Your Messy Bravery Makes This Mess Brave

You have gathered close and invited me across state lines and beyond our country’s borders for one simple, profound privilege: to huddle our hearts together around God’s Word. 

And I’ve seen you come from all over — bags packed, faith intact, and prayers offered with the desire to go deeper with God. You did it again just a few weeks ago as we gathered at my home church to tape a new DVD Bible study series in partnership with the LWML.

And I have to tell you:

You are brave. 

Every. 
Single. 
One. 
Of. 
You.

You have come regardless of insecurities and difficulties, not knowing if you would belong. Hoping to fit in somewhere. And it’s as if I’m looking in a mirror. 

We come with our stories searching to see how they fit into His bigger story — because that is what we have. Stories. God’s Word shining light on our lives to write stories that bleed, heal, and bless.

The lines of our stories become life-lines we share with each other when life’s storms blow hard.

Jesus often taught through stories called parables. Because people can relate to stories.

In the midst of our brave story-sharing, we discover there are a whole lot of other women out there who are a bit of a mess just like us. Messy because of those days we have to fight for joy when the enemy pulls out his arsenal. Messy because we long for eternity while living in a fallen world.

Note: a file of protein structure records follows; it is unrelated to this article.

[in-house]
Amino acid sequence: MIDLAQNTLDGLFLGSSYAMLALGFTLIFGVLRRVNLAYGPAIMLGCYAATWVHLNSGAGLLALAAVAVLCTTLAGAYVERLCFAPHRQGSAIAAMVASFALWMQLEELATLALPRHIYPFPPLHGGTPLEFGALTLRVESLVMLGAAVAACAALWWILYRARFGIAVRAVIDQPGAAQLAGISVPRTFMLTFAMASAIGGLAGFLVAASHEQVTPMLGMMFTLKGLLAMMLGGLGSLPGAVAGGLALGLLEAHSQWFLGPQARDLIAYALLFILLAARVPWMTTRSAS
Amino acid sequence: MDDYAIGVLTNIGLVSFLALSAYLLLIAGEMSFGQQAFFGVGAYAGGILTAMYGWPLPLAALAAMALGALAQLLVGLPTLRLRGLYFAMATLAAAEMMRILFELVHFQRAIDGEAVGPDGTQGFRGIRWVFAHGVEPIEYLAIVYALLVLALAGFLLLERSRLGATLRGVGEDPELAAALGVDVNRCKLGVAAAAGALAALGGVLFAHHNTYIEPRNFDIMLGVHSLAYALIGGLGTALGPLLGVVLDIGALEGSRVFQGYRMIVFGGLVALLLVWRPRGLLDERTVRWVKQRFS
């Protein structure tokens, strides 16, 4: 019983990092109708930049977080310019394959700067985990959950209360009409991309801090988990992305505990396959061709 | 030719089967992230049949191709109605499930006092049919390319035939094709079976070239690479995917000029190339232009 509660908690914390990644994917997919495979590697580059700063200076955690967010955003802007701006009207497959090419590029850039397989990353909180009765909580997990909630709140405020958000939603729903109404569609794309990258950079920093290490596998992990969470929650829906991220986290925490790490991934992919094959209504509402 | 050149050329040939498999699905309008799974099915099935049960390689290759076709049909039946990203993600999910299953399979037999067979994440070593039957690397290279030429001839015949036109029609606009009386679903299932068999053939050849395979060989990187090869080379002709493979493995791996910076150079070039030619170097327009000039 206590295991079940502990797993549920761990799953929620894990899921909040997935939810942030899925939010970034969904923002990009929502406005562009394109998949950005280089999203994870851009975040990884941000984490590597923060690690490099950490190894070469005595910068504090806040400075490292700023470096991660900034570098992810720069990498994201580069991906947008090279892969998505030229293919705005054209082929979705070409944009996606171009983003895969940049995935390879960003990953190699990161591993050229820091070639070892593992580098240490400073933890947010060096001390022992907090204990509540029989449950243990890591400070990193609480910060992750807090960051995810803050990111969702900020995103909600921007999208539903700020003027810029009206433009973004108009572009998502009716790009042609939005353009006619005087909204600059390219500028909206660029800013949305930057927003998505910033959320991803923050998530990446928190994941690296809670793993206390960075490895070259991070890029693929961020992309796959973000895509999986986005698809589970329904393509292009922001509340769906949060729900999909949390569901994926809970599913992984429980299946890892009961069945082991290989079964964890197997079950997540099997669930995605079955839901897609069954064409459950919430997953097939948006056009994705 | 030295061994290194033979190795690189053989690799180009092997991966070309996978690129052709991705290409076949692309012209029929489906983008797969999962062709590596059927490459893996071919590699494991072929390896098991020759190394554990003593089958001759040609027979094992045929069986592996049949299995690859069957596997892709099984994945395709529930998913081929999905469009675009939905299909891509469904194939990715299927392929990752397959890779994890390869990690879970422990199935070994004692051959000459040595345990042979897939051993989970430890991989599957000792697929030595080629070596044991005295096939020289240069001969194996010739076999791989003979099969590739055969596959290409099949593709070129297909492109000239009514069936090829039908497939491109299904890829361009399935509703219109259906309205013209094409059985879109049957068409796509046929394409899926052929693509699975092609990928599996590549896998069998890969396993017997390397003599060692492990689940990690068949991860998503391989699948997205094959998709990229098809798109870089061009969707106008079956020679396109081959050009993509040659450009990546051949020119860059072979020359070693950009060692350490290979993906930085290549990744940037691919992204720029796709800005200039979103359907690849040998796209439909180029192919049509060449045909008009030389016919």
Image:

We are a mess — you and I — saved by grace. A brave mess. Brave because each day you get out of bed despite wanting to pull the covers over your head until the aches and disappointments subside.

We brave the harsh world to share our messy stories because other women need to know perfection this side of heaven is an illusion.

And as we gather around His Word, sharing our messy stories, the Spirit of God can bind our wounds. He can take away the sting of loneliness and restore joy despite the laundry heap, crying kids, bruised marriages, and frayed dreams.

Please keep getting out of bed.

We need your messy, real, authentic, unmasked stories trusting that in the hands of the Spirit, the stories become salve to the battered souls. Because as we gather in community around God’s story, the Word is made flesh in our own lives.

I need your messy story… and you need your messy story. We need people who will tell us their story, not their sermons — their thrashing, not their theology. Because we need to know that we aren’t the only messy ones. 

You are BRAVE.

Your bravery makes me brave.

And together we bravely face this world armed with the Sword of the Spirit that reveals the life-altering story of a Resurrection Easter love written for all. So we suit up.